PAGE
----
[On the acceptability of xenografts]

Med Sci (Paris). 2005 Mar;21(3):302-8. doi: 10.1051/medsci/2005213302.
[Article in French]


Transplantation represents a major advance in modern medicine with a major impact on the interactions between individuals and society. The numbers of patients undergoing organ transplantation increased steadily over the years and around 250,000 individuals are living nowadays in Europe with a transplanted organ. On the other hand, the numbers of cadaveric (brain-dead) donors used for organ transplantation remains stable, at around 5,000 each year, and the numbers of transplantation from living donors only slowly increase in Europe. Therefore, a gap is growing between the numbers of patients in need of a transplant and the numbers of organs available for transplantation. About 45,000 patients are currently on renal transplant waiting lists in Europe and, depending on the countries considered, 15 to 30 % of candidates for liver or heart transplantation die before a life-saving transplant becomes available to them. There is therefore an urgent need to implement innovative research and to take full advantage of recent biotechnological advances to explore new avenues in xenotransplantation, and to simultaneously address the ethical, societal and public health issues related to organ replacement. Much progresses have been accomplished in the understanding of xenograft rejection processes that include hyperacute, acute vascular and cellular rejection mechanisms. Strategies to promote xenograft survival that are currently under evaluation include genetic engineering of donor pigs, adapted immunosuppressive treatments and tolerance induction. Also, the psychological acceptance has been evaluated.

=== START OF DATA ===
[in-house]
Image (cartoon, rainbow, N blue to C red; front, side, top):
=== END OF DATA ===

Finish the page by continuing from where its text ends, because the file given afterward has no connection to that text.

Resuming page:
Publication types

  • English Abstract
  • Review

MeSH terms

  • Animals
  • Graft Rejection / etiology
  • Swine
  • Transplantation Immunology
  • Transplantation, Heterologous* / adverse effects
  • Transplantation, Heterologous* / psychology